Before L. HAND, SWAN, and FRANK, Circuit Judges.
An involuntary petition in bankruptcy was filed against the bankrupt on June 6, 1941; on June 26, the first meeting of creditors was held. § 57 of the Bankruptcy Act, 11 U.S.C.A. § 93, sub. n, provides: "Claims which are not filed within six months after the first date set for the first meeting of creditors shall not be allowed: Provided, however, That the court may, upon application before the expiration of such period and for cause shown, grant a reasonable fixed extension of time for the filing of claims by the United States or any State or subdivision thereof * * * ." Appellant did not, before the expiration of the six months, apply for an extension of time for the filing of any claim by it. On December 29, 1941, it did file a proof of claim for sales and business taxes in the sum of $1500, demanding priority for those taxes. The Referee refused to accept the proof of claim on the ground that it was filed too late. Appellant then moved for leave to file, notwithstanding the delay; the only excuse advanced by appellant was that, through various change of its personnel, the matter was overlooked; at the time when this motion was made there had been no distribution to creditors. The Referee entered an order denying this motion; the district judge, on review, affirmed this order.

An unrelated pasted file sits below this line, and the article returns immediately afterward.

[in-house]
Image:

§ 57, sub. n, was amended so as to read in its present form in 1938 by the so-called Chandler Act. The matter contained in the proviso then first appeared in the statute. Congress, having, in this proviso, definitely provided that the bankruptcy court might, upon application made by a City before the expiration of the six months, "and for cause shown," grant an extension of time for the city to file its claim, it seems clear that such an extension cannot be granted after the expiration of that period; at best, it could not be granted in the absence of "cause shown"; here no such cause was shown as would make it an abuse of discretion for the court below to refuse to allow the claim to be filed. The statement in the note in Pepper v. Litton, 308 U.S. 295, 304, 305, 60 S. Ct. 238, 244, 84 L. Ed. 281, to the effect that the bankruptcy court "in the exercise of its equitable jurisdiction has power to permit claims to be proved" after the six months "in order to prevent a fraud or an injustice" has no application here; that comment related to the statute before the 1938 amendment; moreover, here there was no showing that to allow the tardy filing of the claim was necessary "in order to prevent a fraud or an injustice." Appellant refers to the provision in § 57, sub. n, as amended, reading, "When in any case all claims which have been duly allowed have been paid in full, claims not filed within the time hereinabove prescribed may nevertheless be filed within such time as the court may fix or for cause shown extend and, if duly proved, shall be allowed against any surplus remaining in such case." Appellant argues that this provision means that any failure to file a claim within the six-months' period must be excused if any of the assets have not yet been distributed among the creditors who filed their claims within the period. Of course, that is not true. The provision means merely that any surplus, which remains after all claims properly filed have been paid in full, shall be applied to claims tardily filed and shall not be for the benefit of the bankrupt.